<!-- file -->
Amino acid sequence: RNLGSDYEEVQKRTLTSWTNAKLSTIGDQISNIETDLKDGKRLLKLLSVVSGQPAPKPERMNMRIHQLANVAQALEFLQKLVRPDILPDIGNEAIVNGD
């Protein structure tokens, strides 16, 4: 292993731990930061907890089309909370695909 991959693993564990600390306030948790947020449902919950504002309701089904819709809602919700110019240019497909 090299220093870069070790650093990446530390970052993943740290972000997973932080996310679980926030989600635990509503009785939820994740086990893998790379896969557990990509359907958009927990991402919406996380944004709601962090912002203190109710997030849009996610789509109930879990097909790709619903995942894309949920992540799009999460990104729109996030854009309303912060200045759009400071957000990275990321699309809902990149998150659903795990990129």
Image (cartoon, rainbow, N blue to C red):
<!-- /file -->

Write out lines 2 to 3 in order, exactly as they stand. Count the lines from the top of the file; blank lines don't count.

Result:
């Protein structure tokens, strides 16, 4: 292993731990930061907890089309909370695909 991959693993564990600390306030948790947020449902919950504002309701089904819709809602919700110019240019497909 090299220093870069070790650093990446530390970052993943740290972000997973932080996310679980926030989600635990509503009785939820994740086990893998790379896969557990990509359907958009927990991402919406996380944004709601962090912002203190109710997030849009996610789509109930879990097909790709619903995942894309949920992540799009999460990104729109996030854009309303912060200045759009400071957000990275990321699309809902990149998150659903795990990129």
Image (cartoon, rainbow, N blue to C red):